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Our holdings include hundreds of glass and film negatives/transparencies that we've scanned ourselves; in addition, many other photos on this site were extracted from reference images (high-resolution tiffs) in the Library of Congress research archive. (To query the database click here.) They are adjusted, restored and reworked by your webmaster in accordance with his aesthetic sensibilities before being downsized and turned into the jpegs you see here. All of these images (including "derivative works") are protected by copyright laws of the United States and other jurisdictions and may not be sold, reproduced or otherwise used for commercial purposes without permission.

© 2018 SHORPY INC.

[REV 25-NOV-2014]

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Infrastructure: 1910

Infrastructure: 1910

Detroit circa 1910. "Excavating for the new Union Station." A century later, the mammoth Michigan Central Station that eventually rose here still stands, if just barely. Note the two "moonlight tower" carbon arc lamp standards in the distance. 8x10 inch glass negative, Detroit Publishing Company. View full size.

On Shorpy:
Today's Top 5

Date is incorrect

Ground was broken May 1912, there is a photo set from insurance company Manning Brothers that resides in the Avery Collection at Columbia University NYC in the Warren and Wetmore Collection.

[Excavation had commenced at least by the spring of 1910. Below, headlines from May 16 and Oct. 17, 1910. Also, "circa 1910" does not necessarily mean "in 1910." - Dave]

I Believe in the Communion of Saints

Are the two fellows in the foreground "waterboys" (or perhaps more appropriately, watermen) for the crew? If so, it appears the fellow holding the ladle is an unhappy customer, who seems to be a little suspicious of the cleanliness of their wares. In 1910 I suppose they weren't as keen on hygienic issues and had no qualms about sharing the common cup with their fellow workmen.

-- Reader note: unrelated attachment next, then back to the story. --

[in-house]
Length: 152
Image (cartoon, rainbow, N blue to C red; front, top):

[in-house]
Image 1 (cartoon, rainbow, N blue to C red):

Real Manpower

Although the topic is "excavating," it appears these men are moving gravel or road base off the flatcars and spreading it as a foundation. There is a similar running pile alongside the tracks on the right that is being attacked. Regular Shorpy readers know about the evolution of the steam shovel, which is working its way along the distant bank, whose curvature reflects the swing of the shovel arm. Presumably the weather is brisk enough to dress warmly.

Well Employed

Forty four men working. Today: possibly two for the same job.

Track Jacks

In the foreground, on the wooden planking there are two track jacks and a pair of "Texas Toothpicks" used to operate them. The ones I've encountered were rated at 100 tons, I on the other hand wasn't.

How Are The Mighty Fallen

Here is a website showing the degradation of this once-magnificent structure.

One goes up, another comes down.

It looks like the building to the right just suffered a fire on the second floor.

Re: Short Handled shovels

The trick is to take small shovel-loads, quickly. Too often, one tries to make the job easier by taking big "bites." Harder work, and less effective in the long run! What my dad always referred to as "a lazy man's load."

Evolution of earthmoving

This photo shows the past and the future of earthmoving: men shoveling the earth to the steam-powered shovel at the left of the photo.
But no bulldozers. Perhaps diesel/gas engines had not yet developed a power/weight ratio suitable for the needs of a bulldozer - but you had the idea on the front of locomotives: the cow catcher (and snow plow).
Everyone wore a hat, but no protective headgear. Why wear a vest during such strenuous activity?

Short Handled Shovel

Hated by laborers everywhere through the years. They appear in numerous folk and blues songs and the dislike is justified. I had to use one in a summer job as a kid and they are back breakers.

SHORPY HISTORICAL PHOTO ARCHIVE | History in HD is a vintage photo archive featuring thousands of high-definition images from the 1850s to 1960s. (Available as fine-art prints from the Shorpy Archive.) The site is named after Shorpy Higginbotham, a teenage coal miner who lived 100 years ago.

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